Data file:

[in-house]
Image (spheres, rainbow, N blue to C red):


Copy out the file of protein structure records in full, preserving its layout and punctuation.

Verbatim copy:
[in-house]
Image (spheres, rainbow, N blue to C red):